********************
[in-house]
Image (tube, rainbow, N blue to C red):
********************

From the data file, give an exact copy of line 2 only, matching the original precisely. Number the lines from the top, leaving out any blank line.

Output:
Image (tube, rainbow, N blue to C red):